Propane rates are going up

FortisBC has received approval from the BC Utilities Commission (BCUC) to increase propane commodity rates for Revelstoke customers starting April 1.

“Propane prices have increased significantly this winter,” Cynthia Des Brisay, vice-president of energy supply and resource development, said in a statement released on Friday, March 14.

“The persistent and extreme cold weather in the eastern parts of Canada and the U.S. has resulted in increased continental demand for propane. Furthermore, prior to the start of the cold weather, increased propane demand by farmers for crop drying lowered inventories going into the winter. The combination of these factors has led to extremely high propane prices.”

She said the company had acted to “lessen the impacts of market price volatility on customers” by pre-purchasing a portion of its propane in the summer when prices are typically lower.

“This has helped to mitigate the recent run up in propane prices,” she said.

Residential customers receiving piped propane will see a commodity rate increase of $4.290 per gigajoule (GJ). The average residential customer using approximately 50 GJ per year of piped propane will see an increase of approximately $215 per year.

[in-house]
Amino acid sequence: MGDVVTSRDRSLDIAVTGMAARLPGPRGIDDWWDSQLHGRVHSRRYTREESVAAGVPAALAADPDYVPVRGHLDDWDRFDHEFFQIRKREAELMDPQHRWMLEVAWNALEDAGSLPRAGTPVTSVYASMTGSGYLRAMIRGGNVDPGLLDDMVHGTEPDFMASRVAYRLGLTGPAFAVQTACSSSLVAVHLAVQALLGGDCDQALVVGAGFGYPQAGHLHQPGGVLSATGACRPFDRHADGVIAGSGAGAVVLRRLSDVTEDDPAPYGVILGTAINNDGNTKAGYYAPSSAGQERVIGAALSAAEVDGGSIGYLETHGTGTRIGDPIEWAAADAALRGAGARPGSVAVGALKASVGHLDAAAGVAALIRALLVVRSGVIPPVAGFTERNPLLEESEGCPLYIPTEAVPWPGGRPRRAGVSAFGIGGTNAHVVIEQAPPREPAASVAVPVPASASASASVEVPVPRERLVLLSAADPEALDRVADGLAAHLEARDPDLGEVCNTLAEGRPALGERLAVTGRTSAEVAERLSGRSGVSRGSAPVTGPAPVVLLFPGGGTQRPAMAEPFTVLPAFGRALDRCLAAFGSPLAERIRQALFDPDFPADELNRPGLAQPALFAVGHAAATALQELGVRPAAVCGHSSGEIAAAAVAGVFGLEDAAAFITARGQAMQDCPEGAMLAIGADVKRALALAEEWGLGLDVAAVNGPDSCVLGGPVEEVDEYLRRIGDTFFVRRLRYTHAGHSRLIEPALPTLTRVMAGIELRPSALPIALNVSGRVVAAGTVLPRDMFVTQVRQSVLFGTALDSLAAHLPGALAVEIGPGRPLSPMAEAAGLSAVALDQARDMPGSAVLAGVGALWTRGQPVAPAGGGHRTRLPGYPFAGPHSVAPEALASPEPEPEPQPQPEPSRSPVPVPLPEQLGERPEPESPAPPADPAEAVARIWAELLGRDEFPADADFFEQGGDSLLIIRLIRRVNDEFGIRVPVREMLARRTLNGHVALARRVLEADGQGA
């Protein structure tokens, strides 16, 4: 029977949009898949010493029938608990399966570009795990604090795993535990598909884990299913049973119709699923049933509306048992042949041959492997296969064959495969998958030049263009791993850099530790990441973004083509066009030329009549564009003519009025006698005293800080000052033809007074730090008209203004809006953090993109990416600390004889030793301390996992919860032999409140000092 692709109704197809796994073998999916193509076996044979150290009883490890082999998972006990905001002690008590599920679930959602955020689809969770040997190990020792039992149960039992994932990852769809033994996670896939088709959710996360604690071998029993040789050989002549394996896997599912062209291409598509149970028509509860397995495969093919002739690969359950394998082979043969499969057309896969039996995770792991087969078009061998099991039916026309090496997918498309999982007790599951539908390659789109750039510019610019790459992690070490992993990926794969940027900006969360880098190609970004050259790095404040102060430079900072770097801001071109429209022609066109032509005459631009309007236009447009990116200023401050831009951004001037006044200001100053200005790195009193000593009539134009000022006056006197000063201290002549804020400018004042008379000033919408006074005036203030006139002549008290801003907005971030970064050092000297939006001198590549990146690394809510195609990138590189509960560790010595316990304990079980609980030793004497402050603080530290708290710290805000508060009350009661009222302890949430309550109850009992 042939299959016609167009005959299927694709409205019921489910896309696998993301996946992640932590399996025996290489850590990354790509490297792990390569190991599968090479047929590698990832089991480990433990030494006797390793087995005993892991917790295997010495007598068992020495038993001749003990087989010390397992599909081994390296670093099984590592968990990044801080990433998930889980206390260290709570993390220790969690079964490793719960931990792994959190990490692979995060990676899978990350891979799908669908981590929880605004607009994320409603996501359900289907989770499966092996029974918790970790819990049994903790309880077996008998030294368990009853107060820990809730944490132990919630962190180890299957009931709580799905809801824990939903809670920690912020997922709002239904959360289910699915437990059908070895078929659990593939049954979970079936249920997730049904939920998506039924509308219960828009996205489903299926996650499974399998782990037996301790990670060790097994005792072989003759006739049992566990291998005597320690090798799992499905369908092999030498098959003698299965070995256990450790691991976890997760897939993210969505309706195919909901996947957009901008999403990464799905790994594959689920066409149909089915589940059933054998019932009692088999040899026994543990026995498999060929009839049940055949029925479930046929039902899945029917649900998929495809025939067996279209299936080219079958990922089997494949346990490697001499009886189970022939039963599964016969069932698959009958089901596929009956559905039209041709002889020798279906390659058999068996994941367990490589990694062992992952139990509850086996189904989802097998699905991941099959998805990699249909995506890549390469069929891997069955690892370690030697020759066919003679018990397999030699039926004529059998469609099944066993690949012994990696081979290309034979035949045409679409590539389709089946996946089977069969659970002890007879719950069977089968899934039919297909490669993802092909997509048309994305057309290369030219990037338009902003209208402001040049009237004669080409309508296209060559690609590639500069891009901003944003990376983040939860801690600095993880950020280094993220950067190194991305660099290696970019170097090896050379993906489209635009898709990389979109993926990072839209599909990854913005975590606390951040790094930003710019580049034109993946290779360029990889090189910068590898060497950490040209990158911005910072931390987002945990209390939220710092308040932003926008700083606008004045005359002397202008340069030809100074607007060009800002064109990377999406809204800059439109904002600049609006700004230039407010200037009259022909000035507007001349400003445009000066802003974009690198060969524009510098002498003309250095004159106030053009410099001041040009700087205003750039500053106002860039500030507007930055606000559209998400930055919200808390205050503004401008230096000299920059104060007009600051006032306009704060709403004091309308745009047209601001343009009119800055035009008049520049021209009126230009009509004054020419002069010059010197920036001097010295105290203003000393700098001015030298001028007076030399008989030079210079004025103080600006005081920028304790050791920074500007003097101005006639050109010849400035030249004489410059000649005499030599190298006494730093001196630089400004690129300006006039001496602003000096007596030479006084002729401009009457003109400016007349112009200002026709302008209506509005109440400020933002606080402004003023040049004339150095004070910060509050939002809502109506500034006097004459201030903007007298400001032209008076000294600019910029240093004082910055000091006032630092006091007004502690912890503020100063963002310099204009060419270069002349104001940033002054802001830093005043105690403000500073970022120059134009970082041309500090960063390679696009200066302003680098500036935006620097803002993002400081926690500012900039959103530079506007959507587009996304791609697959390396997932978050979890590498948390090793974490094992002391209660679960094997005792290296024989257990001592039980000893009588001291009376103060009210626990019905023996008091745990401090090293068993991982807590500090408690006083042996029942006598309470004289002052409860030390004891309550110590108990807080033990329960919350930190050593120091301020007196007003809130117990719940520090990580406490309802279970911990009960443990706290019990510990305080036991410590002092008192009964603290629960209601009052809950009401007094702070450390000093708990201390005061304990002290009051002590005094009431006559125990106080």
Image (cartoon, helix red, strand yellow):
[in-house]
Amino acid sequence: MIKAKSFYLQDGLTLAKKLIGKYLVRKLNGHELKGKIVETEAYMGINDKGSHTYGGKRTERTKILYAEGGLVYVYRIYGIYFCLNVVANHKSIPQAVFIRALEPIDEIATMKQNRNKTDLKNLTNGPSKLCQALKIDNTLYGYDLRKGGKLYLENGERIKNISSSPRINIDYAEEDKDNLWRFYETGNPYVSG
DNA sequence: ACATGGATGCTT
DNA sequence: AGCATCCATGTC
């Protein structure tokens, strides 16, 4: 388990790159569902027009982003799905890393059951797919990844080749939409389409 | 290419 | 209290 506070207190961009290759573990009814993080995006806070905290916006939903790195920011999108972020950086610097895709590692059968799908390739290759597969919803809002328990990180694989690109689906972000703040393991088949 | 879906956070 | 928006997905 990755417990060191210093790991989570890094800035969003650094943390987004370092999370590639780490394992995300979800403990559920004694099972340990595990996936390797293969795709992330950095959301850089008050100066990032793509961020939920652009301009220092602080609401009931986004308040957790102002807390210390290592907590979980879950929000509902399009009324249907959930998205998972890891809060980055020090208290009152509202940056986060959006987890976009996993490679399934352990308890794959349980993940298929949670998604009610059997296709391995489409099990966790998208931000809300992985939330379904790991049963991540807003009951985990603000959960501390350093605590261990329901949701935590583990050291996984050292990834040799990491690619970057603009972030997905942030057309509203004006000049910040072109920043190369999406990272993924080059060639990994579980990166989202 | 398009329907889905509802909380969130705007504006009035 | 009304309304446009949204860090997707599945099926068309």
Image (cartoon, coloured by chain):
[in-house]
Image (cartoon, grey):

The statement said the factors affecting the market price of propane and natural gas in North America include weather, supply and demand, transportation constraints and economic conditions. Propane prices are also more directly influenced by global oil markets than natural gas.

It said that in recent years, natural gas prices have trended much lower relative to propane due to increased supply availability resulting from advancements in production technology. However propane prices have remained more closely connected to oil prices and have experienced much tighter markets due to increased demand and less infrastructure connecting supply to market. This has increased the premium paid for propane over natural gas prices.

Every three months, FortisBC reviews propane and natural gas commodity rates with the BCUC in order to make sure the rates passed on to customers cover the cost of purchasing the propane and gas on their behalf. The next review of natural gas and propane commodity rates will take place prior to July 1.

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